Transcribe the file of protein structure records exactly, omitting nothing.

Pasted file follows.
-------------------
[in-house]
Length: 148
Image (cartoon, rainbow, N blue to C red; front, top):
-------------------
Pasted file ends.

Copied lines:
[in-house]
Length: 148
Image (cartoon, rainbow, N blue to C red; front, top):